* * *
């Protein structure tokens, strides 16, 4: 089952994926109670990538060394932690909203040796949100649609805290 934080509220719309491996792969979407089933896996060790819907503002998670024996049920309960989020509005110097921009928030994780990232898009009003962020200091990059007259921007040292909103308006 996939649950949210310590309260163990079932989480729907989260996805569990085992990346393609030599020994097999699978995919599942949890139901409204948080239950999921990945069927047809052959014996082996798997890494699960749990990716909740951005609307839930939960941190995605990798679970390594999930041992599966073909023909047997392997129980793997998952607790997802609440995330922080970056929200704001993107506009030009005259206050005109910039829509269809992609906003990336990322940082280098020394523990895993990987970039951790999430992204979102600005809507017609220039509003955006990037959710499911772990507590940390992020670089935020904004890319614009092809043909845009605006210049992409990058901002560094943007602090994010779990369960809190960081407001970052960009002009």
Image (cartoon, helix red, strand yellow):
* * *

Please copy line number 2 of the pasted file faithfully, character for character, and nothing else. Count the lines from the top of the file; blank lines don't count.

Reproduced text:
Image (cartoon, helix red, strand yellow):